TAMPA — A dry pool in east Tampa caused a ruckus Thursday and set up the possibility of a showdown between City Council members and the mayor.
Council members reacted with ire and an ultimatum after a contracts director couldn't give them a clear answer on what it would cost to repair Williams Park Pool.
The east Tampa pool — a symbol of disparity for some — remains closed while a pool in South Tampa opened in June.
"I know the mayor's listening," said council member Frank Reddick, looking into a TV camera. "Somebody needs to put $1.5 or $2 million in that budget if they want me to support that budget."
Council member Mary Mulhern backed Reddick, whose district includes Williams Pool, saying the mayor "might have to worry about more than one vote" over the city budget.
"We want this to be funded," she said.
Mayor Bob Buckhorn, who presented his budget to the council that morning but wasn't in the chambers for the swimming pool debate, wouldn't be pressured.
"I only need four votes" from the seven-member council to adopt the city budget, he said.
The city closed both pools three years ago when they couldn't meet a federal anti-drowning law requiring drain covers.
But comparing the two pools is not fair, Buckhorn said. The Interbay Pool in South Tampa never had the structural problems that the Williams one does.
The Interbay Pool was an easier fix, and was reopened in winters. Still, it had remained closed during the summers to save money — until this June, when the city opened it in response to community requests. Paying lifeguards to keep it open will cost about $25,000.
The original estimate to bring Williams Park Pool into compliance with federal law was $105,000. But by sitting empty, Williams developed more problems. Water draining from next-door school property, Buckhorn said, undermined the structure and it now sits "sort of cockeyed."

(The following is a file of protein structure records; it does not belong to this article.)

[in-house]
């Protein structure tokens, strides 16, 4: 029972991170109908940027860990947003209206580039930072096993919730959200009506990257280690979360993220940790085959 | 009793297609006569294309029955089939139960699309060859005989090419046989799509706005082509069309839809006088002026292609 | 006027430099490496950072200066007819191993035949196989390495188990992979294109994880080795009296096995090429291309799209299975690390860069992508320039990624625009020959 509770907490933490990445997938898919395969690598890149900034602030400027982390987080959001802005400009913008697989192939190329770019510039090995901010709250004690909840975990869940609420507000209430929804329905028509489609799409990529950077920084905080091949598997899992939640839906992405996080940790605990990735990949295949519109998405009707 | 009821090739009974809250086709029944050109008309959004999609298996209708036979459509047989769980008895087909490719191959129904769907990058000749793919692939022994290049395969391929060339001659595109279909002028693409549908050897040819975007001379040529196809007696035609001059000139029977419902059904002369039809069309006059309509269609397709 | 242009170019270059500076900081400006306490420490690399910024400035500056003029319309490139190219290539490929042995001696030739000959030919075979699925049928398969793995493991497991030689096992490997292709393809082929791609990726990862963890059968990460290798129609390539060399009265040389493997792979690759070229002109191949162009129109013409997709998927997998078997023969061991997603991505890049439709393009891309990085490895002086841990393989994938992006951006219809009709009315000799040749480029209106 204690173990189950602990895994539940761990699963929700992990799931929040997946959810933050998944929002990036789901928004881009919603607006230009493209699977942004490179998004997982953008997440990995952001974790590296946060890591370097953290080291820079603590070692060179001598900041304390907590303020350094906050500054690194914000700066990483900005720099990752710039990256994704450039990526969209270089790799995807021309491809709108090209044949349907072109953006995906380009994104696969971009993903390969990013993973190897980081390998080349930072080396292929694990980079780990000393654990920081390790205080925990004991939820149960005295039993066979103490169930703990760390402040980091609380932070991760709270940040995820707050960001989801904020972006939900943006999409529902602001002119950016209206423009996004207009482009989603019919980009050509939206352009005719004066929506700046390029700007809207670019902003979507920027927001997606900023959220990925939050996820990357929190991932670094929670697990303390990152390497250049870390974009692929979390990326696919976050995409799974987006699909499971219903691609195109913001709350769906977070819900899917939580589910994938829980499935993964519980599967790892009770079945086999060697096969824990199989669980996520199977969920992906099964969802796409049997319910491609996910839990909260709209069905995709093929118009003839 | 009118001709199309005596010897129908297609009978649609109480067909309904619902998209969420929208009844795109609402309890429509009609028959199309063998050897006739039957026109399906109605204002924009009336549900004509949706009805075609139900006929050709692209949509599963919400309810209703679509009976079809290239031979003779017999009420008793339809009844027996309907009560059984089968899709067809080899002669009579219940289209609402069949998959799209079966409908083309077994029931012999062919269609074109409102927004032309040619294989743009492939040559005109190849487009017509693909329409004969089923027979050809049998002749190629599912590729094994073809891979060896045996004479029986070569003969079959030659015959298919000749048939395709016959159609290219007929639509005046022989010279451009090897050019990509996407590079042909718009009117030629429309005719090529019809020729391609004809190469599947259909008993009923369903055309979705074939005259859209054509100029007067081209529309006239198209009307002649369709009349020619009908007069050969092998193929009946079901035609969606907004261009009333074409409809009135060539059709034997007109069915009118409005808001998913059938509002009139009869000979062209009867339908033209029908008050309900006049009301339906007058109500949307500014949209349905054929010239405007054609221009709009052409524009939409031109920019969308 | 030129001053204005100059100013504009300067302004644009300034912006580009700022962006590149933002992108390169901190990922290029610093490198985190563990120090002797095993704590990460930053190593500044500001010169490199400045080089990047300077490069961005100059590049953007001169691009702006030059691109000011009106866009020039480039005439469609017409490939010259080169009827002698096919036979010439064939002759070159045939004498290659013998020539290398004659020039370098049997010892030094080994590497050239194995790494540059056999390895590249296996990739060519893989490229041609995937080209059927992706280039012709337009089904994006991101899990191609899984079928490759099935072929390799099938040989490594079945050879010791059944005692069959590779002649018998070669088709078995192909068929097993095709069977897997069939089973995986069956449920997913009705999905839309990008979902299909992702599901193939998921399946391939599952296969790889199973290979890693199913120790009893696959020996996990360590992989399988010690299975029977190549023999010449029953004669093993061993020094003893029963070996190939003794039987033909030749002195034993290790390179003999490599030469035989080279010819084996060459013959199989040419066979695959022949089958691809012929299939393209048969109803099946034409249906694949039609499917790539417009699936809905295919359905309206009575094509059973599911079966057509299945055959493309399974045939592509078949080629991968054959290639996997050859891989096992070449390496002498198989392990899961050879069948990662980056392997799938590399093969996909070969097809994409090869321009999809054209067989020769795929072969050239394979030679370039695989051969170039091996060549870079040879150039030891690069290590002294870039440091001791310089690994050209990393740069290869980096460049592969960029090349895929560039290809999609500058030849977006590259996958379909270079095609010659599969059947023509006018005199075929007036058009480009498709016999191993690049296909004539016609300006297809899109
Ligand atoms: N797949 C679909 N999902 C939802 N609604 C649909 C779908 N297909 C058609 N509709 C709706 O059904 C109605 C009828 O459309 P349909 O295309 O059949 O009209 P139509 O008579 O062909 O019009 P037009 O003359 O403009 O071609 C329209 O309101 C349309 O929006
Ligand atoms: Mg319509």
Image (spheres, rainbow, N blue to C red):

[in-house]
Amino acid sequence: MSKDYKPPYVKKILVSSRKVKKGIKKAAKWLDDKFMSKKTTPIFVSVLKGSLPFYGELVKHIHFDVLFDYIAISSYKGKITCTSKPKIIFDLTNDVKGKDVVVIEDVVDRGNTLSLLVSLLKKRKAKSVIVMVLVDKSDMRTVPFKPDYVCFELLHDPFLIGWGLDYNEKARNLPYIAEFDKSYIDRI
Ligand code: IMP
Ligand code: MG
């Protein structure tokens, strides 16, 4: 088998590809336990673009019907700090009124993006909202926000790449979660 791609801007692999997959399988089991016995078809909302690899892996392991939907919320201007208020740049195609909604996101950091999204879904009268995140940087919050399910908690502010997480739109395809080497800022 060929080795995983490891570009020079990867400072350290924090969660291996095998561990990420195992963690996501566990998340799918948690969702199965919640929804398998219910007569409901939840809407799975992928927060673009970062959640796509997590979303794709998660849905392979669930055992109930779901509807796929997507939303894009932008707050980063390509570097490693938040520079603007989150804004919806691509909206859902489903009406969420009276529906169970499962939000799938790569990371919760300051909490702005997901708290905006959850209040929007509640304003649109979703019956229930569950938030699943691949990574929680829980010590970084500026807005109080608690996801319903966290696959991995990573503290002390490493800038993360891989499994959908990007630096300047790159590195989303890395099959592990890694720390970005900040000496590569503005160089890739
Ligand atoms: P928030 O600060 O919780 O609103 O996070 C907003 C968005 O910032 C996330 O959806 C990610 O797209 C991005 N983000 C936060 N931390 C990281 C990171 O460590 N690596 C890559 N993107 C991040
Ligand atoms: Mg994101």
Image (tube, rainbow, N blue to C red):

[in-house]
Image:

He won't promise to repair or replace the pool, which requires fixing the drainage problem.
Although he trimmed his capital budget of millions because of the tight economic climate, he said he increased funding for neighborhood improvements, such as aquatics, to which he allotted $6.5 million through 2014.
Four pools are vying for the funds: Roy Jenkins, Cuscaden Park, Bobby Hicks and Williams.
Jenkins and Cuscaden are historic pools. And renovation to Jenkins alone may cost as much as $4 million, Buckhorn said.
At a council meeting in June, members had asked Parks and Recreation Department officials to report on costs to repair or replace the Williams Park Pool.
David Vaughn, the city's director of contract administration, said Thursday his estimate of $1.5 million to $2 million was taken from the city's last pool construction. He said costs to repair, instead of replace, would be about the same, without providing specifics.
Council member Mike Suarez asked why — after three years — the staff still had no better estimate.
Vaughn said the staff would know more about the repairs needed by August or September. It still needs to assess the drainage problem and meet with community members to make a master plan for the park. He said the community could choose to replace the pool with splash pads.
Reddick said he didn't want to watch the pool bake in the sun for another year. And several people who live near Williams Park Pool came to the meeting to press for the pool's opening.
"It's a shame in this 21st century we're being confronted with this situation," said Gloria Newton.
Sam Kinsey said he expects the mayor to be as considerate to them as he was to the people who use the Interbay Pool.
Elisabeth Parker can be reached at email@example.com or (813) 226-3431.